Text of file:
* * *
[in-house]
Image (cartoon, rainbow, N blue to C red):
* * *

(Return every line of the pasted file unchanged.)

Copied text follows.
[in-house]
Image (cartoon, rainbow, N blue to C red):